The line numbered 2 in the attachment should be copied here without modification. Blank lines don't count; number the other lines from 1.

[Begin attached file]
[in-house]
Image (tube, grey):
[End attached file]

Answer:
Image (tube, grey):